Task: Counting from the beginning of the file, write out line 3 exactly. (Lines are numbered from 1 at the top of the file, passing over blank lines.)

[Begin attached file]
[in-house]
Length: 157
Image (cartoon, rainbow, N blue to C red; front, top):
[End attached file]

Image (cartoon, rainbow, N blue to C red; front, top):